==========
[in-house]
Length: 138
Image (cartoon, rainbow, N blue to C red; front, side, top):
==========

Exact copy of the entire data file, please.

[in-house]
Length: 138
Image (cartoon, rainbow, N blue to C red; front, side, top):